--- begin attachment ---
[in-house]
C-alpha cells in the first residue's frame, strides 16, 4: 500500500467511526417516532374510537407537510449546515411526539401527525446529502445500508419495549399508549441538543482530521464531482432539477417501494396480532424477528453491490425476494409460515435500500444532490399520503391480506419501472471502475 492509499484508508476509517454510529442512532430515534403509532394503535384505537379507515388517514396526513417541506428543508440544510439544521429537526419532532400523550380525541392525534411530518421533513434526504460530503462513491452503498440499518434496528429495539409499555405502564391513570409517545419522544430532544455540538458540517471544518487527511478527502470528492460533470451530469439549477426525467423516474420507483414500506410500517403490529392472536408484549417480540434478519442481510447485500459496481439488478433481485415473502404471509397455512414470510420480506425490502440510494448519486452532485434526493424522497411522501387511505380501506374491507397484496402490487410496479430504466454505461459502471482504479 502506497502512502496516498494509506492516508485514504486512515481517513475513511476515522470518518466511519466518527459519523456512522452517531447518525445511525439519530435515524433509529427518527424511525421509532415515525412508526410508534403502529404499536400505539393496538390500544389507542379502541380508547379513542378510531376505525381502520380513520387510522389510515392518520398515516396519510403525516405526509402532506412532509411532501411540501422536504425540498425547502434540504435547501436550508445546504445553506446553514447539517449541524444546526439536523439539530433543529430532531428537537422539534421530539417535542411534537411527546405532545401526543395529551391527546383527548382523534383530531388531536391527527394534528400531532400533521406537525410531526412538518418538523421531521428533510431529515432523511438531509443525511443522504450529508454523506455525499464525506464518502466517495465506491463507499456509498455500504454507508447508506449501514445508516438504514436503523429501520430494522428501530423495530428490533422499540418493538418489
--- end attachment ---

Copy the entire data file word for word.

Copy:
[in-house]
C-alpha cells in the first residue's frame, strides 16, 4: 500500500467511526417516532374510537407537510449546515411526539401527525446529502445500508419495549399508549441538543482530521464531482432539477417501494396480532424477528453491490425476494409460515435500500444532490399520503391480506419501472471502475 492509499484508508476509517454510529442512532430515534403509532394503535384505537379507515388517514396526513417541506428543508440544510439544521429537526419532532400523550380525541392525534411530518421533513434526504460530503462513491452503498440499518434496528429495539409499555405502564391513570409517545419522544430532544455540538458540517471544518487527511478527502470528492460533470451530469439549477426525467423516474420507483414500506410500517403490529392472536408484549417480540434478519442481510447485500459496481439488478433481485415473502404471509397455512414470510420480506425490502440510494448519486452532485434526493424522497411522501387511505380501506374491507397484496402490487410496479430504466454505461459502471482504479 502506497502512502496516498494509506492516508485514504486512515481517513475513511476515522470518518466511519466518527459519523456512522452517531447518525445511525439519530435515524433509529427518527424511525421509532415515525412508526410508534403502529404499536400505539393496538390500544389507542379502541380508547379513542378510531376505525381502520380513520387510522389510515392518520398515516396519510403525516405526509402532506412532509411532501411540501422536504425540498425547502434540504435547501436550508445546504445553506446553514447539517449541524444546526439536523439539530433543529430532531428537537422539534421530539417535542411534537411527546405532545401526543395529551391527546383527548382523534383530531388531536391527527394534528400531532400533521406537525410531526412538518418538523421531521428533510431529515432523511438531509443525511443522504450529508454523506455525499464525506464518502466517495465506491463507499456509498455500504454507508447508506449501514445508516438504514436503523429501520430494522428501530423495530428490533422499540418493538418489